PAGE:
“Dessert anytime, anywhere has become a hot trend, and we believe the key to success is to keep it delicious and simple,” she says. “Chocolate cake, a slice of cheesecake or a fresh-baked chocolate chip cookie delivered to your door at 1 a.m. are more popular than ever. This is a trend that’s here to stay.”

Many restaurants that had been hesitant to offer desserts for off-premises con-sumption because of temperature or logistical challenges have found ways to execute, particularly in an environment where takeout and drive-thru usage have increased.

BurgerFi took its custard shakes on the road last year, adding them to its app and to the platforms of its delivery partners—a move that led to “dramatic” sales growth, Griffin says.

“Takeout and tech is king, for now,” he explains. “As a brand that sells premium custard products, the temperature of dessert products for off-premises dining” is crucial, but it also “has its challenges.” Still, he adds, “people love our milkshakes.”

Ray Camillo, CEO of Blue Orbit Hospitality Consulting, sees opportunities for restaurants in the year ahead in the milkshake category, particularly because of the format’s portability. When ordering from the drive-thru, for example, consumers may opt for milkshakes because they’re an easier-to-eat snack or breakfast replacement than many popular quick-service offerings, he says.

Milkshakes often find their way into limited-time offers tied to seasonal promotions, such as the Steak & Shake Red Velvet Shake that rolled out for the winter holidays with the option of with or without OREO cookie pieces blended in and crumbled on top. The shakes have an ice cream base blended with red velvet cake and creamy frosting, topped with whipped cream and a cherry.

More sophisticated offerings

While simplicity and portability will continue to be important for off-premises consumption, Camillo says he expects that restaurants will shift toward more complicated and sophisticated desserts for full-service dining on-site in order to drive higher sales.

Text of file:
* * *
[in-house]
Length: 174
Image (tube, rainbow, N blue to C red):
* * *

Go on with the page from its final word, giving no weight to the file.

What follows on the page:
“Consumers want something they can’t make at home,” he says. “I think there will be a lot of demand for pastry chefs who can make soufflés and other desserts that are difficult to prepare—and that you can really only get at restaurants.”

Although operators may be interested in offering better-for-you desserts, Camillo says many consumers who order dessert have already committed to treating themselves. Thus, he believes restaurants should shift away from individual-size pies and cakes that seek to minimize portion sizes and instead focus on offering full-size slices of their baked goods.

BurgerFi’s Griffin notes that by using high-quality ingredients, restaurants are of-ten automatically imbuing their desserts with a better-for-you halo. “The majority of high-quality products are already better for you—less chemicals and preservatives, cleaner dairy products—and better for the environment,” he says. “Demand for these types of products will continue to grow.”

Griffin also foresees more plant-based dairy and other plant-based products in the dessert category.

“Healthy halo” claims such as vegan, vegetarian and dairy-free have been growing on dessert menus, Datassential’s Shear confirms.

After a year of coping with the challenges of the pandemic, a tense political climate and other issues, consumers are ready to enjoy the simple pleasures of eating desserts from their favorite restaurants, whether that takes place on-site or at home. The feel-good aura fostered by nostalgic comfort food offerings can transport diners to a better time and place.

Learn more about the foodservice trends that will shape the year ahead in Mondelēz International Foodservice’s 2021 Trends Report.

Mondelez International Foodservice offers resources to help operators optimize their off-premises sales, including branding and snacking opportunities.